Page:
By: Maya Rothman,
*The following was submitted as a monologue for North Central’s MLK celebration, “The Power of Our Stories” with the theme “A Letter to My Country.”
What do I look like to you?
Puerto Rican, perhaps?
Chinese, by the eyes?
Or does my complexion fill you with confusion,
of national origin, and descent?
If I was Spanish, would you know my last name?
If I was Greek, would you know what I speak?
Why does, what I am, determine, who I am?
These questions have been pondered by thinkers and knowers for millennia;
discussions on whether or not the color makes the difference.
At one juncture, the very black people were thought to be less than another.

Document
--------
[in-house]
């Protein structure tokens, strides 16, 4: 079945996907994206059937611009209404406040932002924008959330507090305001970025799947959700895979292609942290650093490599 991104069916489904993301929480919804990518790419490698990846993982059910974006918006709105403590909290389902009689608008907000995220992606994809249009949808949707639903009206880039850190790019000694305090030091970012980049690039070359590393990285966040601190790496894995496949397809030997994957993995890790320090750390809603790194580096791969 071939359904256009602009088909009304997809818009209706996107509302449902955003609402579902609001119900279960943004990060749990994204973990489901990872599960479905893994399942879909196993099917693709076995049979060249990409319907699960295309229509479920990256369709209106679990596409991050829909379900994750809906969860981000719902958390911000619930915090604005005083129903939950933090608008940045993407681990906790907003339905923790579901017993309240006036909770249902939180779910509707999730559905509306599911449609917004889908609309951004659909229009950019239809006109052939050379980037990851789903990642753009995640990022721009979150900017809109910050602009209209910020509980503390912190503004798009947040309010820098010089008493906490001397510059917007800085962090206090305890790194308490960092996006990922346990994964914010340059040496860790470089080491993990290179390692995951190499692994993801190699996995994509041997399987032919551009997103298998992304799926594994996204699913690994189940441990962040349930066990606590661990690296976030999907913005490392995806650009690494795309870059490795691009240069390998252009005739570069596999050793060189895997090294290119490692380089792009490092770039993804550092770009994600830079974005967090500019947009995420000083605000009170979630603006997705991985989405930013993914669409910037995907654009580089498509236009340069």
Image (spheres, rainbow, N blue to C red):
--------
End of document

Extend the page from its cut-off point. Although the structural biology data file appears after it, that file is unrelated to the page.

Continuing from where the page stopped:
Now, science has proven we all come from, one, BLACK, women in Africa.
By why, I still must ask, do we make assumptions of people just by the way they say a word,
or because of what side of, what city they come from.
Now it’s not to say I am blameless.
I too have thought this person, or that person,
might cause me some trouble in the long run because
they held their a’s a little longer than I hold mine.
We are all people. We all make assumptions, we all have room for improvement.
We have to join together, as one human family,
and resolve these issues before it becomes too late.
Because these issues won’t resolve themselves.
They’re not just going disappear with the wind.
We’ve tried that before, and I don’t see the results before me.
It’s been like this since our parent’s time, and far before, that these issues of
black vs. white, light skin vs, dark skin, educated vs. accent have been on the table.
It’s time to wipe the table clean my friends, it’s time
to finally give our grandchildren the life that they deserve to be living, not dying in.
So what say you America, what say you?